The Fake News Hysteria


Yes! You read it right. Currently, we live in world where rumours are more exciting than the truth. In fact, nobody wants to know the truth. There is a trend going on where we believe that there is no point wasting time in chasing the truth. Nobody wants to dig deeper and come out with real grounds. This is simply because no one is interested in the truth. So the big question is ‘how much damage do we afford because of this wildness?’

The social media platforms in today’s society is wildly used for social interaction and access to news and information as well as to share, create, and spread information. With this connectedness also comes great responsibility. Unfortunately, one of the widely used social media platform WhatsApp has been grappling with a fake news and rumour-mongering problem in India. In fact, it has created a whirlpool of misinformation and created unwelcome ripples that resulted in loss of many innocent lives over the past months in the name of traditions and religion. Unfortunately, with time things have become more abysmal. Let us take a look at all the dramatic disinformation that originated on WhatsApp and created furore:

  • Everyone do remember a photo that showed a younger, humble Modi sweeping the floors right before the 2014 parliamentary election in the country. The photo went viral overnight and was shared by many as a symbol of Modi’s modest roots. However, the photo was later debunked as a doctored image of another man. Nevertheless, the truth didn’t matter and Modi went on to win the election and was became the Prime Minister of the country.
  • A simple WhatsApp message triggered a mass killing in the eastern state of Jharkhand just days before the third anniversary of the BJP government.
  • Innocent men were beaten to death by an angry mob that wrongly believed them to be human traffickers resulting from a warning message shared on WhatsApp.
  • Cash-filled boxes and an underground tunnel discovered by a raid on politician V K Sasikala that destroyed her image in the eyes of her admirers. When investigated, it was found that they were pictures from two completely unrelated news stories.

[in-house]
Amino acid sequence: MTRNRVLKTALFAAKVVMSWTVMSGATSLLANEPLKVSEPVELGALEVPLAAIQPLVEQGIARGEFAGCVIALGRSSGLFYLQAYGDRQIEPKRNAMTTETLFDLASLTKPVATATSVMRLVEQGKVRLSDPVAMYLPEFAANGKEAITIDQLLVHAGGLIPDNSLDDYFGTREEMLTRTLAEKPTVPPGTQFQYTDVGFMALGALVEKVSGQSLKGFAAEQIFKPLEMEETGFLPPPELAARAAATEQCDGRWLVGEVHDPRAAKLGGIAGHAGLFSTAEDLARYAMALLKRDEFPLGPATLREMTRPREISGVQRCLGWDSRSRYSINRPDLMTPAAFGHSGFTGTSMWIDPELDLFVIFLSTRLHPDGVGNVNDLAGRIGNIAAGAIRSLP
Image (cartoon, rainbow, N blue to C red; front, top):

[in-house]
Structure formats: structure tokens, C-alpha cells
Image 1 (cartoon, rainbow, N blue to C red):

• The hoax of 2,000 rupee notes with GPS chips post demonetisation in 2016 actually made us believe in this new technology advancement.
  • WhatsApp forwards which has become an easy platform for hate mongers who focuses on creating or worsening communal divides, made BJP leader Vijeta Malik to share a screenshot from a local feature film showing a woman being molested, and tried to pass it as an image of Muslims molesting Hindu women.
  • Multiple videos shared on WhatsApp showed Indian Muslims celebrating the victory of Pakistan. None of them were genuine but put the security of Muslims men women and children at risk. Some of them did led to communal tensions and violent incidents in parts of India.
  • More than a dozen people have been killed across India since May in violence fuelled mainly by messages on WhatsApp service.
  • A string of lynching of Muslim men over fake WhatsApp forwards and sharing of those lynching via videos has become the order of the day. This continues to work with horrific consequences.

The above-mentioned incidents is just a small reflection of a bigger picture. The picture based on fake information is building fear psychosis among people. It has added to the tension within communities, loss of lives because of false information and rumours. It also aids in upholding and pushing through a certain dirty political agenda where there is someone minting money or making other profits from such lies.

The good news, however, is that WhatsApp is working to give people control over safety features as well as how to spot fake news and hoaxes. In the last few days, WhatsApp has given group administrators control over which members can post messages, thus, reducing the spread of unwanted messages in private groups and chats.

Efforts are also being made by portals like to create awareness and educate people to know how to spot fake news and hoaxes circulating online.